City Schools is working to realize its vision that every student will graduate from high school ready for success in college, career, and life. Students are at the center of everything we do, and that’s why the entire district needs to be organized to focus on our core work of teaching and learning.
On July 1, 2015, the beginning of the 2015-16 school year, City Schools moved to a new organizational structure for the district office, reflecting our commitment to having schools and students at the center of our work and designed to ensure that offices are positioned to provide effective support for teaching and learning.
The Academics Office is dedicated to preparing students for college and career success, with an emphasis on building instructional leadership at the school level so that the needs of individual students are met. These efforts are supported by staff deployed across a network of 10 geographic community networks, along with a Teaching and Learning department that provides resources in the areas of science, technology, engineering, and math (STEM); media and instructional technology; literacy, language, and culture; differentiated learning; and school transformation. Additional departments in the Academics Office focus on college and career readiness, specialized services for populations including disengaged youth and learners with special needs, and strategy and compliance.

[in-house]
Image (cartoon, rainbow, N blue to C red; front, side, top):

Of course, that core academic work cannot be done without creating conditions for learning, and that’s why the district has created the School Supports Office, which includes climate and safety, student engagement, and meeting the social and emotional needs of students.
The other district offices wrap around the Academics and School Supports offices, with departmental structures, priorities, and work aligned to best support students and schools. Of particular note is the new organizational development team in the Human Capital Office, which is responsible for employee onboarding and implementing professional development, with a focus on retaining highly effective staff.
The district office reorganization also consolidates some functions to maximize efficiency, particularly in the wake of a reduction in force made necessary to address a projected shortfall in the 2015-16 operating budget. For example, call centers previously distributed across offices have now been consolidated into “One Call,” a single point of entry for inbound calls housed in the Information Technology Office.
Through these changes, the district is creating both a more efficient, productive organization and one that is strategically aligned to City Schools’ vision.